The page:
Tel Aviv University research reveals two-dimensional crystals exhibiting a unique control of distinct electric potential steps by sliding atomically thin layers against each other. The consecutive, ultimately thin, electrical switches reported are a highly desired resource for information technology and novel electro- and optomechanical applications.
No, this is not about making really thin ladders. This is about a different kind of step. This is about optomechanics, the manufacture and maintenance of optical parts and devices. This is a field that deals with the design and manufacture of hardware used to hold and align elements in optical systems, such as: Optical tables, breadboards, and rails. Mirror mounts.
Basically, this has to do with a very advanced level of scientific research on an atomic level.
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One way to probe the atomic order, explained the researchers, and the electronic charge distribution is to break the symmetry of the cells to induce internal electric fields. Crystals with permanent internal electric fields are called polar crystals. In 2020 the same lab at TAU reported a novel polar crystal by stacking together two layers of a van der Waals crystal, with each layer only one atom thick.
The research, now published in Nature journal, was conducted by Dr. Swarup Deb, M.Sc. student Noam Raab, Prof. Moshe Goldstein, and Dr. Moshe Ben Shalom, all from the Raymond & Beverly Sackler School of Physics & Astronomy at Tel Aviv University, and Dr. Wei Cao, Prof. Michael Urbakh and Prof. Oded Hod from the Chemistry School at TAU, and Prof. Leeor Kronik from the Weizmann Inst.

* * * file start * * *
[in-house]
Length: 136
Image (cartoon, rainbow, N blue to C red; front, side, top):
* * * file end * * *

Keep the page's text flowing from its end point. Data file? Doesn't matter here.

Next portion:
Dr. Moshe Ben Shalom, head of the Quantum Layered Matter Group, says: “We are fascinated by how the atoms in a condensed matter order, how electrons choose to mix between the atoms, And if orhow external stimulus can manipulate the atomic order and the electric charge distribution.
Answering these questions is challenging due to the enormous number of atoms and electrons, even in the tiniest devices of our most advanced technologies. One of the tricks is to study crystals, which contain much smaller units, each including only a few atoms and electrons. While crystals are made of many identical units, repeated periodically in space, their properties are entirely deduced from the one unit-cell symmetry and the details of the few atoms it captures. And still, it is challenging to understand and predict these details since the electrons spread over all the atoms simultaneously as determined by their joint quantum mechanical interactions.”
The natural order in which Dr. Ben Shalom. recaps:
these crystals grow is symmetric, with each successive layer rotated by 180 degrees compared to the previous one. Here one type of atoms is positioned precisely above the other type. Conversely, the artificial crystals assembled in the lab are not rotated, resulting in a slight shift between the layers, thus straying away from the fully symmetric configurations. This non-symmetric crystal structure forces electrons to jump from one layer to another, forming a permanent electric field between them. Crucially, the group found that applying external electric fields makes the layers slide back and forth to match the direction of the electron’s jump with the external field orientation. They named the phenomena “interfacial ferroelectricity” and pointed out the unique
domain-wall motion that governs the “Slide-Tronics” response.